When a Toothache Is Not Really a Toothache
What do you do when you’re suffering from a toothache? For most of us, we call our dentist-right? Most tooth pain is caused by tooth decay, a cracked tooth, or impacted wisdom teeth. However, sometimes tooth pain is not related to these obvious problems. Dental pain can be associated with the muscles, ligaments and the hinges associated with our teeth, known as the Temporomandibular Joint or TMJ. When the TMJ works in harmony, it allows us to chew, talk and smile. When the TMJ is not in harmony it can cause pain or Tempromandilbular Muscle Disorder (TMD). Sometimes tooth pain can be confused with TMJ pain, also known as referred pain.
Symptoms can include
- Limited opening
- Pain in the ear, neck or TMJ
- Clenching or grinding
- Clicking or popping in the jaw joint
- Restless sleeping
- Itchiness or ringing in the ears
Do you have any symptoms?
If you or someone you know suffers, you might wonder why this has happened. Like hips and knees that can wear out over time, the chewing system can wear out too, but that’s not always the case. Trauma to the head at a young age can interrupt the growth plate and stop the condyle from fully developing and or injure the ligaments that hold the disk in place. These injuries can lead to the disk being puller too far forward, backward or actually wear a hole in the pad—leading to noise, pain, abnormal tooth wear, or deficient or asymmetrical jaw growth. Sometimes the symptoms are much subtler.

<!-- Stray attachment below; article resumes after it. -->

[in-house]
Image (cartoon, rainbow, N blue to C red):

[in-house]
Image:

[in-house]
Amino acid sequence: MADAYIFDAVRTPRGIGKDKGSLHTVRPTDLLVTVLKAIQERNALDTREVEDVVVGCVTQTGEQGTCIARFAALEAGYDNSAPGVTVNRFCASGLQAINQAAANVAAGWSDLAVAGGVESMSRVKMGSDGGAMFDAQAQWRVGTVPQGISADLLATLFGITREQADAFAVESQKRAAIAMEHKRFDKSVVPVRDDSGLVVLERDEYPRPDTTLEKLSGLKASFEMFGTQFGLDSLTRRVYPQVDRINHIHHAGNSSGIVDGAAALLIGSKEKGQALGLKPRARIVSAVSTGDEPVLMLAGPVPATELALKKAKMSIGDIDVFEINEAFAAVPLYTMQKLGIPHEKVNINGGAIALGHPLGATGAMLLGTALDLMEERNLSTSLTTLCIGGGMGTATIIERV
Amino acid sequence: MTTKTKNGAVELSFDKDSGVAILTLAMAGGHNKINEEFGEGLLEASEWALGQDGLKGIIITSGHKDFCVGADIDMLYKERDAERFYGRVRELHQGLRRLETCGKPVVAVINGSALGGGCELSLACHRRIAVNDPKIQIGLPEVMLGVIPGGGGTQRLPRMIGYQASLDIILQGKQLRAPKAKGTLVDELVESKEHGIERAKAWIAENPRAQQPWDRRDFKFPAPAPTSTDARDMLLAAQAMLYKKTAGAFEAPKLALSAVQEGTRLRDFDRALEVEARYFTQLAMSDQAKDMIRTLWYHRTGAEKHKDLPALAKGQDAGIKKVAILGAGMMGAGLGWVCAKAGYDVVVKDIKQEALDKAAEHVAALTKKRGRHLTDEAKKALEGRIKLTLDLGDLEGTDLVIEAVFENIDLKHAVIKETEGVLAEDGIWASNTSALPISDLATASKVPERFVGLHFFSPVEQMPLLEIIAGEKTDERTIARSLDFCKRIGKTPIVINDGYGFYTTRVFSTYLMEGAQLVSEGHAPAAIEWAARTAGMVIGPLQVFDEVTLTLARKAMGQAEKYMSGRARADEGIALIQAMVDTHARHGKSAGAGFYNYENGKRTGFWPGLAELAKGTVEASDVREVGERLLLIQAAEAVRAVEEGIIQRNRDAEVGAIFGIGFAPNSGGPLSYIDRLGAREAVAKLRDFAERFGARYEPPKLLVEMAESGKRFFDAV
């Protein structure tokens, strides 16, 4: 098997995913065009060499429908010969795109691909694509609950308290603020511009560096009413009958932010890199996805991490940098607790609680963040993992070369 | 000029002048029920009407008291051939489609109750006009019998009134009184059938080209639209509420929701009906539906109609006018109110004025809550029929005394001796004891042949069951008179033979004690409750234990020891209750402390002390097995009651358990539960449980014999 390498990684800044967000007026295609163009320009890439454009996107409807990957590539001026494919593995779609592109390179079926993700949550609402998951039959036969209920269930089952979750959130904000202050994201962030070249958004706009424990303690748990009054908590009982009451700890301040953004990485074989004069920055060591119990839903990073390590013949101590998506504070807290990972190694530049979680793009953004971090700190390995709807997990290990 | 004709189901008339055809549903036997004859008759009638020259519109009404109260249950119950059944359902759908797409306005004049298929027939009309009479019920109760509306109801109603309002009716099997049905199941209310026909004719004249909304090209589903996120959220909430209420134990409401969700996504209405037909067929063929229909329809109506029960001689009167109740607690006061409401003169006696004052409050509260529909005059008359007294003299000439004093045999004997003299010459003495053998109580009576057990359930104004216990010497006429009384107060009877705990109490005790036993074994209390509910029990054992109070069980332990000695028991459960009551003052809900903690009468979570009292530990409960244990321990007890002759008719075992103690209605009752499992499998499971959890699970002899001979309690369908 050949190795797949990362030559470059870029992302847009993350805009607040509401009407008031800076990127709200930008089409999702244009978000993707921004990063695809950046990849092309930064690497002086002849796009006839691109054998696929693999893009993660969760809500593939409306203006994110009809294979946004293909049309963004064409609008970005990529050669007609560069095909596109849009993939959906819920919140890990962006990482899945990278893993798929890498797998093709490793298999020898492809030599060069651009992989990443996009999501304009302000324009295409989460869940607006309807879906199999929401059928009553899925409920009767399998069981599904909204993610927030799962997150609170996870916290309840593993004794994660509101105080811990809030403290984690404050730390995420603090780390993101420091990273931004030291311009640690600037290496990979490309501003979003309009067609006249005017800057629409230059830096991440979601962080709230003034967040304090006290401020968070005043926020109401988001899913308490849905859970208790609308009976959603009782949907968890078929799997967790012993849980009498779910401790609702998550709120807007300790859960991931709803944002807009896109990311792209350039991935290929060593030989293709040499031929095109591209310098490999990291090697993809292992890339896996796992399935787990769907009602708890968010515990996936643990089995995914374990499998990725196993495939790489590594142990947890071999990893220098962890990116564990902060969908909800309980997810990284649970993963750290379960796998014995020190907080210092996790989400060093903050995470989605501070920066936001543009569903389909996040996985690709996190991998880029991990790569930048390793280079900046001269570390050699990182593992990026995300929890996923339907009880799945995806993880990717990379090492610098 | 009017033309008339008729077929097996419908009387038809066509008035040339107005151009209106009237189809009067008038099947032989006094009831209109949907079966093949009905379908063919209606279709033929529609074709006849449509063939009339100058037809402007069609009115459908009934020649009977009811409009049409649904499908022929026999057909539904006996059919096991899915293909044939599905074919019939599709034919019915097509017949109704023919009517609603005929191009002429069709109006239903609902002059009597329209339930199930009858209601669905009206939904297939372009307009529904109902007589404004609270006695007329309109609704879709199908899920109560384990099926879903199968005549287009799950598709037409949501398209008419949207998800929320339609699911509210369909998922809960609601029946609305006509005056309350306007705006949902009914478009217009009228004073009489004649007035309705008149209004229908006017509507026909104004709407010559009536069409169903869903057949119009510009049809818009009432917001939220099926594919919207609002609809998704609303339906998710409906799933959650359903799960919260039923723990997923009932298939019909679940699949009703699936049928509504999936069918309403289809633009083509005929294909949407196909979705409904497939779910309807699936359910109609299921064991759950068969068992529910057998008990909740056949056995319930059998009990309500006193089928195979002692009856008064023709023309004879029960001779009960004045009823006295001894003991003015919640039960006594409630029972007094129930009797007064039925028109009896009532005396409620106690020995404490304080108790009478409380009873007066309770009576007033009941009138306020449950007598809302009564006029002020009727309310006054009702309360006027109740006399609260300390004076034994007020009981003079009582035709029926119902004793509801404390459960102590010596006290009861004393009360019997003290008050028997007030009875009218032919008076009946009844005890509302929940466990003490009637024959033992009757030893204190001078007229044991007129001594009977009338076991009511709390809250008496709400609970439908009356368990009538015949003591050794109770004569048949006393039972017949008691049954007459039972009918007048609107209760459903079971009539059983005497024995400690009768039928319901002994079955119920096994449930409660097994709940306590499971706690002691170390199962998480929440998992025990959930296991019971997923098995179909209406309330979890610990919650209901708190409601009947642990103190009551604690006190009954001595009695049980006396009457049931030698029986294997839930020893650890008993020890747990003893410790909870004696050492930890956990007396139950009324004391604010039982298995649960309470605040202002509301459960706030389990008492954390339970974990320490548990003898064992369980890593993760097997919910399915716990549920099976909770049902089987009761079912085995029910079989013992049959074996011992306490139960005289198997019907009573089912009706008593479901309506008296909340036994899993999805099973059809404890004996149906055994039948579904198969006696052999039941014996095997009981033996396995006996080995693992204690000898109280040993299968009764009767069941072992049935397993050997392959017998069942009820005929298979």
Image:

Technology over the last 15 years has allowed us to see and diagnose the TMJ’s with accuracy that avoids exploratory or unnecessary surgery. Cone Beam Computed Tomography (CBCT) 3-D x-ray imaging shows hard tissues like bone and teeth, Magnetic Resonance Imaging (MRI) images soft tissues, ligament and cartilage allowing me to see what’s going on inside these complex areas during chewing and opening. Diagnosing starts with a thorough exam and collection of data. Models, photos, CBCT scan as well an MRI all help me to identify problems and give you answers to your TMJ pain.
“With the technology of an MRI and CBCT imaging, I can tell exactly where the disk sits in the TMJ and how it is impacted during chewing and opening” Dr. Michael P. Sharp
Once the data is collected, I will sit down and show you the findings and give you treatment recommendations. Options can include:
- Bite splint therapy
- Referral to other specialists (Neurologist, ENT,Sleep Doctor, Orthodontist, Oral Surgeon, Periodontist)
- Chiropractic manipulation to re-align the neck